- Published: Wednesday, 27 May 2015 08:09
Verbier, Switzerland- At the debut of the new Audi Q7, Audi also announced the beginning of Android Auto smartphone integration into its vehicles. Now Apple Car Play seems to be a bit more ahead of the curve, since there are already compatible head-units to be bought in Singapore, so getting a try on Google's system proves to be an interesting view into what lies ahead for those using Android smartphones.
Apple announced Car Play in March 2014, with Google following a few weeks after. In the USA, Anroid Auto systems are being rolled out for consumer use by Hyundai first.
We had a short test run of the system at Audi's exhibition station and it seemed to work well.
What do you need to do? Take an Android phone running Android 5.0 (Lollipop) and plug it into the existing infotainment system and you're ready to go.
It was possible to control navigation and music functions without touching the phone at all, and according to the engineers, notifications and messages will appear within the MMI system itself too.
Yes, we know the phone in the picture is an iPhone, but Audi's system was running a bona-fide version of Android Auto. Its concept is similar to Apple Car Play, and also 'Honda Link' (as seen in the Honda City ) where the smartphone behaves like a head unit, providing nav and infotainment functions.
In a costlier, higher spec car like the Q7 it's less useful, but for cars without navigation and the like you can use your phone to help you get around, stream music via services like Spotify or Google Play and it can also display Google Now cards too. It's all controlled via the rotary MMI knob too, so there's no fear of being caught or missing attention by wrangling a finicky touchscreen.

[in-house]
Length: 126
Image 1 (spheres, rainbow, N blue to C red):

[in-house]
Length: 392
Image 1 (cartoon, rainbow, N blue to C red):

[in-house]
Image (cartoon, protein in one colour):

Although we had no chance to try it, Android Auto also can be controlled using voice commands - for example you can ask it to find you food or a place, or to call someone on your contact list. Most modern infotainment systems have a similar feature, but they're very hit and miss.
But the true test of Android Car and its usefulness will come in a more basic machine than the loaded-to-the-gills Audi Q7, something more like an A1 small hatchback or similar - theoretically, it'll allow you to have nav and infotainment features such as Spotify and Google Play without paying the huge sums needed (especially with Singapore's hefty car taxes) for on-board features.
Now, features like that can cost as much as $10,000 to add on, especially in luxury cars - like any additional or optional equipment, the cost is added to the OMV and scaled accordingly (approximately 130 percent at least) due to taxes once the car is landed here.
So at the very least, like the technology it springs from, Android Auto will help make 'smart' cars more accessible to more of us.